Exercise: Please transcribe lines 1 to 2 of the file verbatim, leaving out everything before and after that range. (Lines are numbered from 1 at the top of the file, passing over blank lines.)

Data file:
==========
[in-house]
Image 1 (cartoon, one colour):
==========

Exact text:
[in-house]
Image 1 (cartoon, one colour):